But the Constitution’s remedy was based on the assumption that Congress would act as if it had a unified interest, and that its power was based on its role as a Constitutional branch. Madison assumed that the Congress would zealously protect its power.

    That’s a relic. Congress isn’t a unified branch. It’s simply a diminished venue for each party to bray at each other. So long as the Senate and the president belong to the same party, the Congress is only Igor to the White House’s Dr. Frankenstein. The president can’t be forced to do anything.

    • #14
    • July 9, 2013, at 6:21 AM PDT
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  15. Larry3435 Member

    Under the precedent of Train v. City of New York, there seems to be a solid legal basis for challenging the President’s refusal to enforce the law, and I think any individual who does not receive the insurance required under the employer mandate would have standing to sue.

    The interesting question is whether such a suit could be brought directly against an employer who, in reliance on the President’s position, fails to provide insurance under the employer mandate. That kind of depends on whether the penalty for failure to provide the insurance is viewed as a fine or a tax. If it is a fine, the failure to provide insurance is still illegal. For example, it is not legal to park in front of a fire hydrant just because you are willing to pay the fine. Your car still gets towed. Courts may have the power to enforce the employer mandate directly in an employee vs. employer lawsuit.

    • #15
    • July 9, 2013, at 6:31 AM PDT
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  16. Retail Lawyer Member

    Prof Yoo,

    Mario Loyola has also written about this problem (http://www.nationalreview.com/corner/352780/constitution-pandoras-box-mario-loyola) and he thinks there is nothing to be done about it. What do you think? It really bothers me at some fundamental and deep level. The first line of defense is Congress. I have several times written my Senators (Feinstein and Boxer) and my Rep (Eshoo) when Obama began this disturbing revolution. At least one of them is lacks the intelligence to understand the issue, although I wrote clearly. Two of them responded, although both responses were unresponsive to my concerns. They don’t seem to mind Obama usurping their power and role – but then, he is on their side, and I doubt that many of their constituents see a problem – until it comes around to bite them. I am extremely disappointed by my representatives, and the Republican leadership as well for not resisting.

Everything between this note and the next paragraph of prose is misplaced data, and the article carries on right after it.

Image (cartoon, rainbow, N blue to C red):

So now we are a nation ruled by men (excuse me, “persons”) rather than laws. This really is a revolution – the fundamental transformation – it is enormous – and I doubt this will end well.

    • #16
    • July 9, 2013, at 6:54 AM PDT
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  17. billy Inactive

    The actions of the next president will be crucial. Obama will be the anomaly or the precedent.

    • #17
    • July 9, 2013, at 7:01 AM PDT
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  18. Mike Rapkoch Member

    The only real remedy would be impeachment on grounds the President has willfully violated his terms of office by usurping legislative authority in violation of the Constitution.Other than that, and I am not the least confident such an argument would fly, I do not see an answer. Moreover, impeachment would be a pointless device as, even if the House were to pass Articles of Impeachment, conviction in the Senate would be a pipe dream.